Formal French Meal Structure
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How to Create a Full Course Meal Menu
Preparing for a full course meal can seem like a daunting task, especially if it's for a large crowd. However, if you follow a central theme or cuisine when deciding what will be on your menu, it is much easier to come up with your dishes. The following are some tips for creating your menu.
- Choose a cuisine, or flavors to base your meal around. This will make it easier to come up with your menu and continuity throughout the courses.
- Consider basing your meal's cuisines from one or several regions or searsons.
- Ensure that it can provide a solid main course, and work the rest of the courses-elements around it.
Tips for Hosting ANY Dinner Party
- Always use recipes that you have tried before.
- I choose popular and well known menu items. They are more successful than the ones that are too regional, or people have never tried before.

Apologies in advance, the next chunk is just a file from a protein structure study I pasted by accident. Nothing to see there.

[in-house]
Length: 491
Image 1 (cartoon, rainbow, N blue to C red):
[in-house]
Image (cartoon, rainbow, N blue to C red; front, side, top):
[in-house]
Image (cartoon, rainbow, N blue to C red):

- I stay clear of shell fish. In a large gathering, there are strong chances that someone is severely allergic to them (unless you get a green signal from your guests).
- If you have a party of 20, don't cook every single entree for 20. In parties, people eat appetizers, plus there are more choices than one can eat, so unless you want to have a ton of leftovers, account for 70% of your headcount for each main dish.
- This above rule does not apply to Casseroles, Chicken Wings, etc. These dishes are loved by kids and adults alike, so everyone takes a helping or two
- For parties larger than 8, set up the dinner buffet-style. Even if there's seating for all, it is much easier to keep track and replenish items when food is in one central place.
- Don't forget to setup an area for drinks and water.
Twelve Course Meal Menu
Below is the outline of the courses that comprise a "standard" 12 course meal and dish suggestions for each course I've used in the past.
Course One - Hors d'oeuvres.
Since this course is typically served during a cocktail hour or as guests are arriving, hors d’oeuvres are usually finger-foods that can be held in the hand.
- Goat cheese crostini with fig-olive tapenade
- Zucchini fritters
- Shallot and pancetta tortilla crisps
Course Two - Amuse-bouche